It took us some time and effort, but we did catch up with the faster group. And when we finally did (in a headwind, no less), I was so spent that despite the drafting benefit I had hardly the strength to stay with them. By the time the first rest stop came along, it felt like I'd spent all the reserves of energy I had for the entire 100 mile ride, on those first 30.

Lap the Lough 2016

At the rest stop, I pulled Gary aside: "Listen. I can finish this ride one of two ways. Either we both slow down. And I mean, way down, I'm talking 14mph, not the 19mph we are doing now! Or you go on ahead with a fast group, and we do the rest of the ride separately. Who says we have to ride together anyway? We can meet up at rest stops and share impressions, it'll be fun."

With a mouthful of banana he was straight out laughing at me.

"Look I'm wise to your tricks by now. You don't like to suffer and you pull this stuff at the slightest hint of discomfort. But you're fine. You look fine! There's no way we're doing this separately; you are my fast group."

My head nearly exploded. "You're wise to my tricks? It's you who tricked me. We said we would take it easy, have picnics. What the hell is this?"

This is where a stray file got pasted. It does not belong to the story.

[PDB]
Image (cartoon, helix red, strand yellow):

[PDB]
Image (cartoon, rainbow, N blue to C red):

"We'll have a picnic at the lunch stop," he said, planting a banana-smeared kiss on my cheek. "Come on, it's only 20 miles up the road!"

Lap the Lough 2016

What can you do with a fellow like that? For the next 10 miles my legs were propelled by sheer frustration. Then suddenly the frustration flipped to uncontrollable laughter. We rode in a very tight bunch for this stretch, along back roads, and the sun was beating down on us hard as morning transitioned to noon.

There was something surreal to finding myself in this situation - the tight echelon, the fast pace, the mere fact that I was riding a friggin' sportive! - and suddenly I was able to enjoy it all despite putting in what felt to be an absolutely unsustainable level of effort.

For the first time since the ride's start, I even caught glimpses of Lough Neagh once or twice along this stretch.  The Lough, we were lapping it!

Lap the Lough 2016

The lunch stop in Antrim Gardens was lush and inviting, in a forest clearing type setting. There had been a tent put up, and remarkable amounts of hot soup on tap, since the forecast had promised rain. But as instead the day was scorchingly sunny, most riders were sunbathing on the grass in various states of undress and guzzling water while waiting for their soup to cool.

Some riders' families had arrived to meet them here and cheer them along, and family picnics - complete with Frisbee games, cooing babies, barking pets, and the like - were in progress throughout. I should mention here also, that all through the ride there were, here and there, spectators cheering us on along the roads, with noise makers and balloons! And while some of them were clearly family members of ride participants, others seemed to be local residents whose houses happened to be along the route. I have never experienced being cheered along on the bike before, and must say it is not entirely disagreeable!